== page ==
Results 1  10
of
11
Small examples of nonconstructible simplicial balls and spheres
 SIAM J. Discrete Math
, 2004
"... We construct nonconstructible simplicial dspheres with d + 10 vertices and nonconstructible, nonrealizable simplicial dballs with d + 9 vertices for d≥3. 1 ..."
Abstract

Cited by 10 (4 self)
 Add to MetaCart
We construct nonconstructible simplicial dspheres with d + 10 vertices and nonconstructible, nonrealizable simplicial dballs with d + 9 vertices for d≥3. 1
Nonconstructible complexes and the bridge index
, 1999
"... We show that if a 3dimensional polytopal complex has a knot in its 1skeleton, where the bridge index of the knot is larger than the number of edges of the knot, then the complex is not constructible, and hence, not shellable. As an application we settle a conjecture of Hetyei concerning the shella ..."
Abstract

Cited by 10 (2 self)
 Add to MetaCart
We show that if a 3dimensional polytopal complex has a knot in its 1skeleton, where the bridge index of the knot is larger than the number of edges of the knot, then the complex is not constructible, and hence, not shellable. As an application we settle a conjecture of Hetyei concerning the shellability of cubical barycentric subdivisions of 3spheres. We also obtain similar bounds concluding that a 3sphere or 3ball is nonshellable or not vertex decomposable. These two last bounds are sharp.
The size of triangulations supporting a given link
, 2000
"... Abstract. Let T be a triangulation of S 3 containing a link L in its 1skeleton. We give an explicit lower bound for the number of tetrahedra of T in terms of the bridge number of L. Our proof is based on the theory of almost normal surfaces. 1. ..."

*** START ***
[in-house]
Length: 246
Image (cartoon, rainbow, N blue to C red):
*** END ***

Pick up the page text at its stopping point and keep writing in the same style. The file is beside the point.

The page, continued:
Abstract

Cited by 8 (6 self)
 Add to MetaCart
Abstract. Let T be a triangulation of S 3 containing a link L in its 1skeleton. We give an explicit lower bound for the number of tetrahedra of T in terms of the bridge number of L. Our proof is based on the theory of almost normal surfaces. 1.
Onepoint suspensions and wreath products of polytopes and spheres
"... Abstract. It is known that the suspension of a simplicial complex can be realized with only one additional point. Suitable iterations of this construction generate highly symmetric simplicial complexes with various interesting combinatorial and topological properties. In particular, infinitely many ..."
Abstract

Cited by 7 (2 self)
 Add to MetaCart
Abstract. It is known that the suspension of a simplicial complex can be realized with only one additional point. Suitable iterations of this construction generate highly symmetric simplicial complexes with various interesting combinatorial and topological properties. In particular, infinitely many nonPL spheres as well as contractible simplicial complexes with a vertextransitive group of automorphisms can be obtained in this way. 1.
Polytope Skeletons And Paths
 Handbook of Discrete and Computational Geometry (Second Edition ), chapter 20
"... INTRODUCTION The kdimensional skeleton of a dpolytope P is the set of all faces of the polytope of dimension at most k. The 1skeleton of P is called the graph of P and denoted by G(P ). G(P ) can be regarded as an abstract graph whose vertices are the vertices of P , with two vertices adjacent i ..."
Abstract

Cited by 6 (0 self)
 Add to MetaCart
INTRODUCTION The kdimensional skeleton of a dpolytope P is the set of all faces of the polytope of dimension at most k. The 1skeleton of P is called the graph of P and denoted by G(P ). G(P ) can be regarded as an abstract graph whose vertices are the vertices of P , with two vertices adjacent if they form the endpoints of an edge of P . In this chapter, we will describe results and problems concerning graphs and skeletons of polytopes. In Section 17.1 we briefly describe the situation for 3polytopes. In Section 17.2 we consider general properties of polytopal graphs subgraphs and induced subgraphs, connectivity and separation, expansion, and other properties. In Section 17.3 we discuss problems related to diameters of polytopal graphs in connection with the simplex algorithm and t